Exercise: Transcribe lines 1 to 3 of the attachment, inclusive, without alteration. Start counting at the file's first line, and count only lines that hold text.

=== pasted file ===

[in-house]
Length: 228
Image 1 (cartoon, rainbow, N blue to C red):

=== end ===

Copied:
[in-house]
Length: 228
Image 1 (cartoon, rainbow, N blue to C red):